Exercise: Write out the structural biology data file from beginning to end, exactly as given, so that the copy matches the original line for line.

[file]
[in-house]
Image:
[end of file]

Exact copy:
[in-house]
Image: